5 On Your Side

Does Bacteria on Lemon Slices Endanger Diners?

Posted March 13, 2008
Updated March 14, 2008

— A Internet video, based on a New Jersey professor's study, claims that bacteria on lemon slices served in restaurants endangers diners. A North Carolina State University professor, though, says the report's claims are overblown.

"Those lemons are spiking your drink with germs, everything from the stuff that causes staph infection to fecal bacteria," the video says.

The video's warning is based on a study conducted by Professor Anne LaGrange Loving of Passiac County Community College in New Jersey. She tested lemon slices served at restaurants and found 25 microorganisms on them, including E. coli.

"That creates a witch's brew of bacteria," the video says.

However, Dr. Lee-Ann Jaykus, a microbiologist with N.C. State, urges caution when considering the results of Loving's study.

"The reality is that we live in a world full of bacteria, and we all consume millions of organisms a day. And they're completely harmless," Jaykus said.

Most of types of E. coli do not make normal, healthy people sick, Jaykus said.

"I think this is much ado about nothing," she said. "And I believe I can actually speak for many of my colleagues that they believe the same.

"I think the public should not worry about lemons in whatever it is that they're drinking, whether it's iced tea or squirting it on some fish or a glass of water."

Via a telephone interview, Loving disagreed with Jaykus' opinion that the presence of bacteria on lemon slices does not create a health risk.

The Internet report sensationalized the findings of her study – which was not her intent, Loving stressed.

"It's not so much a point of alarming people," Loving said. "It's just making people aware that the lemon slice could have been handled improperly.

"And then, the bigger point: If the lemons are being handled improperly, what about the cutlery? What about this, what about that?"

Jaykus said she is concerned that such reports overshadow serious health risks.

"One thing we try to do as food-safety professionals is we don't want to be cavalier about true dangers," Jaykus said. "But at the same time, we don't want to have the public unnecessarily alarmed about something that really is not a risk.

"And that's what's happened with this incident."

The bottom line: Loving said she has stopped ordering lemons in her beverages at restaurants. Jaykus said she will continue to order them.


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  • HopingForABetterWorld Mar 18, 2008

    That explains my recent kidney stones...should have stayed away from the lemons. Thanks for the research data.

  • Timbo Mar 18, 2008

    silkansha, I was referring to science, not your bad habits as a waitress in a restaurant. Having worked in food service for a number of years, I am aware of how and why food may be contaminated.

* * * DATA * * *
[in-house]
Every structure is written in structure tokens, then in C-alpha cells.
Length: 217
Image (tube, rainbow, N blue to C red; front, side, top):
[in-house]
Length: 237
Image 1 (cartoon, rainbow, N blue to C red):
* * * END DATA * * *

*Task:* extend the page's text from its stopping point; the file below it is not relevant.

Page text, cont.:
The point was that generally, unless something is properly sterilized, you will be able to culture bacteria from its surface. Hence, finding bacteria on a lemon slice is not unexpected, but expected. Therefore, my comment that the person wants to make a name for themselves by publishing in the popular media what is obvious to anyone with a brain.

  • grant Mar 17, 2008

    More distraction from the true problems, the man-made philates in plastics and frangrances and the floride in the water that was used to control the jews in concentration camps (same time it was added to our water) and is used a rat poison. Swallow the amount (pea size) that your supposed to brush your teeth with, the tube says call poison control. Its the same amount in 8 oz of water. More of the ball under the shell game.

  • Funky Neighbor LEE Mar 17, 2008

    The Tequila hurts me more then the Lemon does.

  • GWALLY Mar 17, 2008

    The cleanness and levels of bacteria in the food prep. area are 100% dependant on the staff, no one else....period, end of statement!!!! So the issue is................who is in the kitchen and how well trained are they???? (and for me, do they speak English?).......makes you want to run to McD's for lunch don't it, uuuummmmmmmmmyyyy !!!!!!!!

  • oldrebel Mar 17, 2008

    I'd worry more about the kitchen help that can't read the English hygiene guidelines that are posted.

  • Slip Kid Mar 17, 2008

    I hope my food has the 'normal' bacteria on/in it. I'd hate to think what it'd take to remove it, then think of the junk you'd be eating!

  • doodad Mar 17, 2008

    We are told to wash fruits and vegetables before we eat them to avoid unhealthy bacteria and pesticides, yet we shouldn't worry about the lemons? Try again.

  • Timetogo Mar 17, 2008

    "Clearly a "researcher" that knows little about research or the subject matter. More like a person who wants to make a name for themselves.."

    It's funny how the critic come out to play when someone tries to educate about something. Then it won't matter to you that the waiter and half the kitchen staff just played 'catch' with your bread or that one of the preparers has a stomach bug and isn't taking time to wash his hands from the many restroom breaks (guess what you'll be doing all next week), OH and the waitress just fished a roach out of your drink 'cause it was already in the glass when she poured it. Come on, they get paid less than minimum wage and you THINK they all care about what your eat?? Unless they are wearing masks, they cough, sneeze and spit (I'm sure not intentionally) when they talk over your food. I WAS A WAITRESS FOR SEVERAL YEARS! IT HAPPENS! **waiting to see my name in lights**

  • mrsvidivan2 Mar 14, 2008

    mjohan... you hit the nail on the head. To add another to the list don't inhale. That would help you to avoid the intake of harmfufl airborn bacteria.